There is a large number of coral reefs, towards the outwards direction of the island beyond the main coral reefs. These coral reefs are formed like spikes and spread up to 15 meters deep into the water. There are 39 species of coral around the island and most of them are categorized under Favidae. 74% of these corals are Acropora species while the rest made of Montipora, Forites, Goalaxea, Favia, Favites, Platygyra and Leptoria species.
300 fish species have been identified in the waters of Trincomalee and 100 of them can be seen around the pigeon island. Several Fish species from Cleaner Wrasses such as labroides bicolour inhabits around the corals of Pigeon Island. Fish species living in the shallow waters such as Juvenile and Carcharrhinus melanopterus as well as deepwater fish species, living around coral reefs, such as Cheilinus imbri ata, are occurring around corals of pigeon island.
Waters around the island is inhabited by several species of endangered animal species such as Hawksbill turtle (Eretmochelys imbricata), Green Sea Turtle (Chelonia mydas) and Olive Ridley (Lepidochelys olivacea). These turtles are occurring here very often during their nesting period.
The highest point of the island is 15 meters above sea level. The island is mainly consisting of sand dunes, rocks and lime formations. One can see a coral island about 500 away from the island allowing access to examine the formation of Fringing Coral Reefs.
Since the island is located in the dry zone of Sri Lanka, annual rainfall in the island estimated to be between 1000-1700 mm. Even though the temperate in the mainland is surpassing the 30C ˚, the temperature in the island is moderated by the sea breeze and measured to be around 27C˚.
The vegetation on the island can be categorized under the arid zone forest and mainly consist of thorn bushes. There are several medium-size trees known as Gansuriya or Pacific rosewood (Thespesia populnea) in the island providing some shelter for the birds. These trees are around 20 feet in height and have a large crown with comparatively larger leaves.
The island is under the influence of Northeast monsoon from October to February. It is highly advisable to keep away from the island during this period, due to the highly active underwater current and strong waves of the sea.
Places to dive in Colombo
The newest addition to the shipwrecks collection in the island is identified as the SS Worcestershire, which sank during the First World War. The giant ship was 137 meters long and 16.6 meters in width. The shipwreck is to be found 12 km off the coast of Colombo city tour. A group of divers has identified the ship and it is located 57 meters below the surface and the ship is severely damaged from the inside. The ship had been occupied by the British soldiers at the time of the destruction.
It is believed that the ship was sunk by Germans and they have used sea mines for that purpose. The same group of divers has located another ship near Colombo and which is believed to be a British merchant ship called SS Perseus.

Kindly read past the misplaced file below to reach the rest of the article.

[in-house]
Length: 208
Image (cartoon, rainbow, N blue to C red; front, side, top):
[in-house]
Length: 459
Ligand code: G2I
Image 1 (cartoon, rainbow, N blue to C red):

Both vessels had perished during the First World War, the mines were laid by the German battleship “SMS Wolf”. The second ship had been located around 40 m below the surface. The young divers had been able to explore both sites and claimed these sites have become large coral reefs and they are providing the best environments for a large number of underwater sea creatures.
With identifying the shipwrecks off Colombo, the west coast will be becoming an attractive venue for dive enthusiasts in the world. Southern Sri Lanka had been on the radar of divers for a long time and west coast had been neglected due to the lack of such sites. The identification of new shipwrecks believed to change the mind of divers and attracts them to the west coast as well.
Where can I find essential gears for scuba diving in Sri Lanka?
Essential gears required for scuba diving in Sri Lanka and snorkelling can be bought or rented in the resort areas, especially where the diving and snorkelling are been done such as Hikkaduwa. There are many places in the resort areas renting essential items for diving, therefore it is advisable to check with several service providers to get the best price of the equipment.
How do I book a scuba diving in Sri Lanka?
There are many local tour operators providing packages for scuba diving in Sri Lanka and snorkelling. They are mostly concentrated in the resort areas such as Hikkaduwa, Bentota, Unawatuna etc. The visitors are free to drop into these diving centres and they can book an activity continuously. The guest has an online booking option with some of the service providers for diving and snorkelling.
Usually, the scuba diving in Sri Lanka or snorkelling tour offered as a package fulfilling all requirements for the activities such as the boat, instructor, equipment etc. Usually, the rates depend on the duration of the dive or snorkel. Diving and snorkelling are started early morning and normally these tours are not offered in the evening as the high tide deteriorate the visibility in the offered.